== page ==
I was fortunate to read this novel for the first time before the ubiquitous online reviews made it impossible to avoid knowing what it was before reading. If you never heard of it, then do yourself a favor and read without consulting blurbs and reviews. It will be a profound experience.
Even knowing what the novel is about, though, the second reading is still a punch in the gut. I read it in three glorious hours, and for the most part didn’t remember or care about that thing I don’t want to name to avoid spoiling the joy for potential new readers.
There are so many things to talk about in this short novel. The amazing journey literature made in a century. The genealogy of female writing, which is a topic I find deeply fascinating. Colonialism. The burden of history. Generational guilt. Racism.
It’s a short novel and an unforgettable ride. Do yourself a favor.
Since we are back in lockdown – this time a weather-related one – it’s back to intensive cooking.
I made a keto lasagna that I always wanted to try. You make it like a regular lasagna but use steamed cabbage leaves instead of pasta.
Then, of course, I kind of ruined the effect by stuffing my face with a slice of carrot cake but it’s not keto lasagna’s fault.
People who spent twenty years undermining the public’s faith in election integrity are acting shocked that their efforts worked.
“Bush stole the election from Gore!”
“Russians stole the win from Hillary!”
“Stacey Abrams’ victory was stolen!”
Twenty years of that, and then they are shocked that people are saying, “OK, you win, elections are fake.”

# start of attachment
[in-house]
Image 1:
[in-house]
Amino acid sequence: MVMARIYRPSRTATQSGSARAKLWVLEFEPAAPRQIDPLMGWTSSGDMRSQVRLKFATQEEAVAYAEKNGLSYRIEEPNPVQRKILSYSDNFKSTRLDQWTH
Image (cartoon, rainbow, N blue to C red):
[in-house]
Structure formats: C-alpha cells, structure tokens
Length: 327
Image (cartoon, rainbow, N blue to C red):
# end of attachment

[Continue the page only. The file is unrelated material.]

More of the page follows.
There’s never any accountability. Nobody ever points out to these bastards the effects of what they are doing.
Does anybody have an explanation for why Australia is the world leader in COVID insanity? And Canada is the runner-up?
It’s a serious question. I can’t stop wondering what they’d do if they had an illness that really made people drop dead in the streets and really hurt children. If this is how they act over COVID, what would they do over something bigger?
There’s some sort of a deep defect in these cultures that is causing this. I hope somebody studies it. If you can justify sticking your head into a trash bag, locking people up against their will, and snitching on your neighbor because his grandkids came by to see him, what won’t you do? Is there a limit? Spooked badly enough, what wouldn’t you do?
We always ask these questions after a culture has gone off the rails and loaded people into ovens. Maybe it’s a good idea to start asking this question before it goes that far.
Genetic memory is real, my friends. This thing that you see here in the picture is called Borodinsky bread. It’s a very traditional Russian bread. It’s chewy, heavy, thick, sour, very dark, and to a Russian-speaker the only thing that counts as bread.
I absolutely love it.
Klara rarely eats bread. But once she saw me with a slice of Borodinsky, she pounced and declared she loved it. There’s no explanation other than genetic memory.
When N and I see her with this bread and a bowl of borscht, it brings tears to our eyes.